Congressional leaders are negotiating with Republican governors over a plan to turn over to the states control of Medicaid, the nation's largest and most expensive welfare program.
If adopted, the proposal would send as much as $88 billion in federal funds now spent annually on the medical program for the poor directly to the states in lump-sum payments. The plan also would allow the states to spend up to half of the money in areas other than health care.
The proposal, though not part of the Contract with America, has emerged as an important objective for congressional Republicans as they try to reduce the federal budget deficit while cutting taxes.
The proposal would end the entitlement status of Medicaid, which guarantees health insurance to anyone who meets eligibility criteria based on financial need and other factors. Each state would receive a lump-sum payment, or block grant, for the general purpose of providing medical care to the poor.
There is no guarantee that current Medicaid recipients would get coverage under the proposal. Nor is there any assurance that doctors and hospitals would be paid for treating these people. On the other hand, states could provide coverage to some people who do not qualify for Medicaid under current law.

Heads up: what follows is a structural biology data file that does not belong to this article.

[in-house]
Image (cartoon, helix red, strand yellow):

"The approach taken in welfare reform is the right approach," said Gov. Jim Edgar of Illinois, the Republican governors' chief negotiator with Congress. "We'd like to see that same flexibility with Medicaid, which is a much bigger expenditure for most states. With more flexibility, we could control the cost of the program."
The proposal, a copy of which was obtained by The Washington Post, would allow states to use Medicaid money however they wish in providing medical assistance to low-income people. But they also would be allowed to transfer as much as half of their federal Medicaid funding to use for other purposes, such as nutrition or child-care programs.
Members of Congress involved in the negotiations are expected to respond to the Republican governors' proposal in the coming weeks. …